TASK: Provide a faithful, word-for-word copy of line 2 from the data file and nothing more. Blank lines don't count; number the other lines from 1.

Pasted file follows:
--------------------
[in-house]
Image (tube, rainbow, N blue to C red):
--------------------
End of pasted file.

Image (tube, rainbow, N blue to C red):